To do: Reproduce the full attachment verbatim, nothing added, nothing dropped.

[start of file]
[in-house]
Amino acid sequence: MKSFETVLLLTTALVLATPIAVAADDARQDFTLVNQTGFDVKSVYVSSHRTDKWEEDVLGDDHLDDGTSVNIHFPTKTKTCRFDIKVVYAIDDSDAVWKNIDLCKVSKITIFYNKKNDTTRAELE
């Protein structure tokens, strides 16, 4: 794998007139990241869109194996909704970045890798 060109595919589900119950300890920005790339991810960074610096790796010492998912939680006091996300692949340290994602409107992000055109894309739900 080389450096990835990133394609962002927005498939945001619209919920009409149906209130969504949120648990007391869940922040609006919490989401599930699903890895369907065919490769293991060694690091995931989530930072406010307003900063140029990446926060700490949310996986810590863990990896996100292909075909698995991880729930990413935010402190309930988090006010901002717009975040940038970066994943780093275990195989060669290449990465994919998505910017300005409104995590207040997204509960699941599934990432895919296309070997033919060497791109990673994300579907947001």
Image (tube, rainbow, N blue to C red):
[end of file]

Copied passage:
[in-house]
Amino acid sequence: MKSFETVLLLTTALVLATPIAVAADDARQDFTLVNQTGFDVKSVYVSSHRTDKWEEDVLGDDHLDDGTSVNIHFPTKTKTCRFDIKVVYAIDDSDAVWKNIDLCKVSKITIFYNKKNDTTRAELE
């Protein structure tokens, strides 16, 4: 794998007139990241869109194996909704970045890798 060109595919589900119950300890920005790339991810960074610096790796010492998912939680006091996300692949340290994602409107992000055109894309739900 080389450096990835990133394609962002927005498939945001619209919920009409149906209130969504949120648990007391869940922040609006919490989401599930699903890895369907065919490769293991060694690091995931989530930072406010307003900063140029990446926060700490949310996986810590863990990896996100292909075909698995991880729930990413935010402190309930988090006010901002717009975040940038970066994943780093275990195989060669290449990465994919998505910017300005409104995590207040997204509960699941599934990432895919296309070997033919060497791109990673994300579907947001």
Image (tube, rainbow, N blue to C red):